Voters approved nearly all of the dozen-plus ballot initiatives Mayor Hickenlooper championed; in fact, voters approved of virtually everything Mayor Hickenlooper supported or did. So, too, did the city council, or at least the seven-of-13 majority he needed to get whatever he wanted done. Having inherited the largest budget deficit in Denver history, Mayor Hick slashed city expenses and raised taxes. He achieved the unthinkable by getting city unions to take contract concessions and pay cuts—moves that, had they been simply proposed by another mayor, likely would have prompted a broad range of constituencies to turn out with pitchforks.
Yet through it all, Hickenlooper managed to successfully play the dual role of mayor and city mascot; he somehow managed to stay above the partisan fray, and, according to the polls, he remained damn near beloved—by his fellow Democrats and by Republicans, by the city folk and by the residents of the surrounding suburbs, and by business and by labor. His approval ratings in the metro region rarely dipped below 70 percent, and his approval ratings in some Republican-dominated suburbs were above 60 percent.
He transcended the typical partisan pitfalls because he put the public’s interest above his own. In 2004, Denver police responding to a 911 call fatally shot Frank Lobato, an innocent old guy who was in his bed reaching for a soda can, not a weapon, as the police had thought. The community was outraged. A lawsuit was likely. Some of Mayor Hickenlooper’s advisers told him to stay out of it, to let the process unfold. Instead, the mayor stood before a community meeting and apologized. What had happened was wrong, he said. He felt that saying the city and he were sorry was the very least he could do.
Hickenlooper established a truly independent police monitor, brought in from Portland, Oregon. He pledged to solve Denver’s homelessness epidemic, not by making the indigent feel like criminals with the threat of arrest and imprisonment, but rather by finding them shelter and coordinating city resources and programs to help the homeless become self-sufficient and rediscover their dignity. When Mayor Hickenlooper slashed city salaries, he began by cutting his own by 25 percent.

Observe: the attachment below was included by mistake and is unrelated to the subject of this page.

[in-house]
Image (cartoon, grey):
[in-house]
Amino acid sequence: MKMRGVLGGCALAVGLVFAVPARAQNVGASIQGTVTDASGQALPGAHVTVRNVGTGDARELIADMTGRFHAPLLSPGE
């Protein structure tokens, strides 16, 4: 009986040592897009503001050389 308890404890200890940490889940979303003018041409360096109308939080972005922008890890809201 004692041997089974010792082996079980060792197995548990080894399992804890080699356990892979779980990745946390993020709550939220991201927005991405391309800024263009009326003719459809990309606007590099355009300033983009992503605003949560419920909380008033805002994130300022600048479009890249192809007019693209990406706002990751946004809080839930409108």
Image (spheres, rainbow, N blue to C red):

Mayor Hickenlooper really did seem to adhere to the two principles he had adopted as brewpub entrepreneur, and which had become his political mantras. He began referring to the ideas as his “brand”:
1. The secret to overcoming any challenge lies in finding the alignment of self-interests.
2. There is no margin in having enemies.
National media exalted him. Esquire put him in a fashion spread of politicos, dubbing him one of the “best-dressed mayors in America,” which, as anyone who has ever laid eyes on the man’s wardrobe can attest, was absurd. Time named him one of “The 5 Best Big-City Mayors,” which was equally shocking because the honorific was earned so quickly. At that time, Mayor Hickenlooper was barely two years into his first term, and was recognized along with the likes of New York’s Michael Bloomberg and iconic Chicago boss Richard Daley.
As far as real-life political fairy tales go, it was just about impossible to trump Mayor Hickenlooper. He was a new kind of natural, one of those unicorn-rare, truly apolitical politicians that career politicos so often and so fraudulently claim to be. Hickenlooper’s rise, though, was also Machiavellian, a modifier that you wouldn’t necessarily associate with the aw-shucks former barkeep. In the classic tome of political maxims and commentary, The Prince, which Hickenlooper has read and dissected since entering the political world, the Italian philosopher Niccolo Machiavelli argues that the most successful leader is not the traditional hereditary prince, but rather a new kind of a prince: This “leading citizen” achieves office “by the favor of his fellow citizens” and remains mindful of both commoners and nobles alike. “This,” Machiavelli wrote, “may be called a civil principality: nor is genius or fortune altogether necessary to attain to it, but rather a happy shrewdness.”